When she couldn’t stand to just continue to stay there and wait for him, she reached out and helped him gain back some balance, and ignored the stench of beer that oozed off his breath.
He chuckled to himself as he looked to the ground. “Thank you, I guess I had too much to drink tonight.”
“Yep, I guess so.” She cringed at herself again, and cleared her throat to soften her voice. “It happens.”
He’s silent, and seemed to study her through his glazed over expression. She felt the weight of his attention on her, and it was like a mosquito in her ear that wouldn’t go away. The random stranger copied and cleared his throat to fill the silent gap, but she couldn’t just force him to leave. It was obvious he wanted to say something else, but she turned her shoulder on him to peer out at the lake once again, silently begging him to just leave already.
With a deep sigh, the guy finally began to wander away, stumbling away the direction he was originally heading. Out of the corner of her eye, she watched him have to use the railing to keep himself from falling over. His figure began to disappear back into the fog, and the girl found herself worrying whether he’d make it home or not.
The girl rested her arms against the railing and put her face between her hands to clear her head. Should she follow him, or offer to help get him home? What if he’s dangerous? Then again, the guy couldn’t even stand on his own; how dangerous could he really be? Damn her guilty conscience to consider helping a random stranger who may or may not cause her arms simply because she had a guilty conscience.
“Hey, wait!” she called out to his retreating form.
It turned out he was actually quite a talker as they walked back to his apartment complex that was thankfully just on the other side of the bridge. She listened to him talk about his classes, his part-time job at the admissions office that he hated, and the girl who just dumped him; the reason he was out alone and drinking in the first place.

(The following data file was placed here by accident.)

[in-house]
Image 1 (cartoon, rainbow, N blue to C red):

“I jus’ didn’t see it coming, ya know?” he slurred. “I don’t think I ever felt this low, ya know?”
His head hung between his shoulders, and the girl swore she could hear the agony in how deep of a sigh he’d exhaled. She nodded along and felt a need to comfort the poor guy who felt the need to wallow in self pity all alone.
She glanced over at him. “I do…I know the feeling too.”
His eyes met hers, and a silent understanding passed between them, as if they both felt each other’s pain behind their shielded windows to their souls. They returned to walking back towards his place; the light coming from the front door to the lobby only about fifty yards away. It was guiding them through the misty fog that concealed everything else around them.
The stranger turned back towards the girl when he rested his hand against the handle, his key unlocking the door. ““Hey, I wanna say thank you. I don’t know what I woulda’ done if I hadn’ run into ya tonight.”
The girl’s throat closed in, and she couldn’t form words in response to his own. She thought back to what she was doing back on that bridge, to what she was contemplating before he’d shown up. Would he have made it back on his own if she hadn’t been there? Would he have made it if she’d already done what she’d intended to go through with, or would the town have lost two more people if they hadn’t run into each other?
The girl couldn’t say anything back, but could just nod her head and offer a small smile in return as she watched the morose stranger walk inside towards the light, towards warmth, safety, and another chance.
Thanks For Reading!
— Nick Goodsell